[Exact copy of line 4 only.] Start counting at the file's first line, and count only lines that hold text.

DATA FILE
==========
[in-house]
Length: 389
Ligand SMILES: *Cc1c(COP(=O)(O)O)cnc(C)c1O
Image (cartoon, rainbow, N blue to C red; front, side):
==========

Image (cartoon, rainbow, N blue to C red; front, side):